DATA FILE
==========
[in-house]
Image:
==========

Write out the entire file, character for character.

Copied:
[in-house]
Image: